Cervical Cancer can be Prevented

Yet 13,000 women in the US get it

While one of the singular achievements of American medicine in recent years has been to reduce the largely preventable incidence of cervical cancer, 13,000 women nevertheless will come down with it this year mainly because they have not had a Pap smear to detect it. As the disease ordinarily takes about 10 years to progress, “cervix cancer happens to be a cancer that you can use screening techniques to try to pick up early” and treat, says Dr. Ursula Matulonis, of Boston’s Dana-Farber Cancer Institute. Globally, about 40 percent of the 500,000 women stricken with the disease will die for lack of a proper medical treatment, she says. That’s because women in some countries do not routinely get Pap smears and when the transmitting agent, human papillomavirus(HPV), infects the cervix it does not get treated because of society’s inadequate medical infrastructure. When the disease is undetected and allowed to grow, the victims will suffer pain and bleeding as the cancer spreads. It is caused by one of the 75 types of HPV, a ubiquitous virus that is present in both men and women and which causes 95 percent of the cancers.

Compared to other forms of cancer, the cervical form is still a relatively rare tumor, Dr. Matulonis says. Ovarian cancer afflicts 25,000 American women annually; breast cancer, 180,000 women; and lung cancer about 200,000 women. Since the cervical form can be detected early and treated successfully, the number of women who have Stage IV cervical cancer “should be zero,” she says. Even though the death rate from cervical cancer has been declining by 4 percent a year, the grim news is that, according to the National Cervical Cancer Coalition of West Hills, Calif., more than 4,000 American women die of the disease annually. Many of them are of the 11 percent of U.S. women who do not have Pap screenings.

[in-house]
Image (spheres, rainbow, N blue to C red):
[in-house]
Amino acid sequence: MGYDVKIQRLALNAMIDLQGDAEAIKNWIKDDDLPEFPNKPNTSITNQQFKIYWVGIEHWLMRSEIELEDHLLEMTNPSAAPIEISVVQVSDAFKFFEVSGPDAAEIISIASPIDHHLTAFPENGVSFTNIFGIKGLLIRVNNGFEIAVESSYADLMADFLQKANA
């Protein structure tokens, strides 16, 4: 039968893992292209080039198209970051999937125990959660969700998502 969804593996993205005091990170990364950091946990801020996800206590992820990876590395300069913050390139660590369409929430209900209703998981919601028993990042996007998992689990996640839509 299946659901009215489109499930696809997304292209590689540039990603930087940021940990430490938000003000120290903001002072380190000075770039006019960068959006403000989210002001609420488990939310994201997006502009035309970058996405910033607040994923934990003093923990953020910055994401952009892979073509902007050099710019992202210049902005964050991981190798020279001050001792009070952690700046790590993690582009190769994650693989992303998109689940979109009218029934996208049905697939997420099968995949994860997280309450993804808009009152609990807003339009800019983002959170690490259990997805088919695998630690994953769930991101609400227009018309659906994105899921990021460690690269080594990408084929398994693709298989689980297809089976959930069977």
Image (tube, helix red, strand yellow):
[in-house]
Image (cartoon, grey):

The Pap test is used by gynaecologists to detect any premalignant or malignant cells gathered from the outer opening of the cervix and examined for abnormalities. In general, observes Wikipedia, the test is recommended for women aged 25 to 65 who have had sex. “Most women contract HPV soon after becoming sexually active. It takes an average of a year, but can take up to four years, for a woman’s immune system to control the initial infection. Screening during this period may show this immune reaction and repair as mild abnormalities, which are usually not associated with cervical cancer, but could cause the woman stress and result in further tests and possible treatment,” Wikipedia says.

“It’s important for folks to know that you do not have to have intercourse to spread the virus, but that the virus could be spread just by skin-to-skin contact,” Dr. Matulonis warns, explaining that the virus “probably gets into the cervix cells just by small breaks in the skin.” Dr. Matulonis made her comments in an interview with law Professor Diane Sullivan for the Comcast SportsNet broadcast “Educational Forum,” produced by the Massachusetts School of Law at Andover. “Worldwide, HPV is the most common sexually transmitted infection in adults,” Wikipedia reports, noting that more than 80 percent of American women will have contracted at least one strain of HPV by age fifty.

“Accordingly, public health officials in Australia, Canada, Europe, and the United States recommend vaccination of young women against HPV,” Wikipedia notes. As the vaccine only covers some strains of HPV, medical authorities still urge regular Pap smear screening even after vaccination. Doctor Matulonis says the vaccine is essentially mimicking the virus, giving the individual a fraction of the virus so that one’s immune system can mount a response “to certain proteins that are present in that virus.” She goes on to say, “It’s important to remember that for any vaccine to work properly and effectively that that vaccine is given to somebody before they’re exposed to the virus.”